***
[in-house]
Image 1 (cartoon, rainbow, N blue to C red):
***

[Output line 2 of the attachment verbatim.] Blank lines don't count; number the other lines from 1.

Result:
Image 1 (cartoon, rainbow, N blue to C red):